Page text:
Speed regrets World Cup failure
Malcolm Speed, the former ICC chief executive, has admitted the World Cup in the West Indies last year was one of the more disappointing episodes of his seven-year tenure in charge. Speed, who said the ICC's failure to act on Zimbabwe was his biggest regret - a fallout on the issue ultimately led to his premature exit - also was unhappy with Bangladesh's performance "at the top level of the game".
Speed told the Sydney Morning Herald that what should have been a "celebration of cricket" will "always be looked upon less than favourably" for many reasons. The 2007 World Cup in the West Indies failed to attract full houses at newly-built stadia for the event, with overpriced tickets largely keeping out locals. The tournament also ended in a farce; Australia secured the trophy for the third time in a row, but the match in Barbados ended in near-pitch darkness after the umpires misinterpreted the rules regarding bad light. "Cricket has a chance to make amends in the West Indies with the ICC World Twenty20 in 2010," Speed said.
Speed also highlighted the plight of Bangladesh, who have won only one of their 57 Tests since making their international bow in November 2000. "Bangladesh has the world's seventh-largest population, and its people are passionate about the game. Its team has shown few signs of improvement."
Seeing Twenty20 as a huge opportunity rather than a threat, Speed said finding "the correct balance between Tests, ODIs and Twenty20" was the biggest challenge facing the game at the time of his exit, more so in a "very unstable and dangerous period" for the world. "No other sport has been presented with the opportunity to grow a popular and contemporary third form of its game," he said. "I expect that the current concern about Twenty20 and its impact on scheduling will settle down in the next two to three years, and each form of the game will find its place."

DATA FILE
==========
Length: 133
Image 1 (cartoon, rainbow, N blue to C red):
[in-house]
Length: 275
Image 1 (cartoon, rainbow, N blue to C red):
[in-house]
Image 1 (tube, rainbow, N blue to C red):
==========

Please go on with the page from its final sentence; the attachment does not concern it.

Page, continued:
Speed revealed it was at his insistence - with the support of the then-ICC president Ehsan Mani - that he convinced the ICC board to support the inaugural World Twenty20. The tournament in South Africa was a big success, despite scepticism "among elements of the ICC membership - particularly India and Pakistan, the ultimate finalists".
|It is quite easy to forget the pain inflicted on the game in the late '90s that saw the captains of three of the nine Test-playing countries banned for life and several other high-profile players implicated. Cricket has become a role model for other sports in the area of anti-corruption|
Looking at the positives, Speed pointed out the integration of men's and women's cricket in most countries, and was pleased with the fact that the women's game was growing rapidly. "The ICC merged with the International Women's Cricket Council in 2005, and in the three years that followed, the number of ICC members with organised girls' or women's cricket quadrupled with a first Women's World Cup under the ICC banner in Australia next March and a World Twenty20 alongside the men's event in England in June.
"Another major area of focus was the fight against corruption," he said. "It is quite easy to forget the pain inflicted on the game in the late '90s that saw the captains of three of the nine Test-playing countries banned for life and several other high-profile players implicated. Cricket has become a role model for other sports in the area of anti-corruption." Speed was also pleased to see the game develop a "social conscience", with the ICC's efforts to spread AIDS awareness and the measures undertaken for raise funds for those affected by the tsunami in December 2004.
With the recent terrorist attacks in Mumbai impacting the game's biggest base - the Indian subcontinent - Speed said the sport could make a difference. "Sport has the power to bring nations together. Some of the discussions between the Indian prime minister and Pakistan's president over peace in Kashmir took place at cricket matches. It is clear these dreadful attacks will have a large impact on cricket in India. It would be great if cricket could be part of the healing process."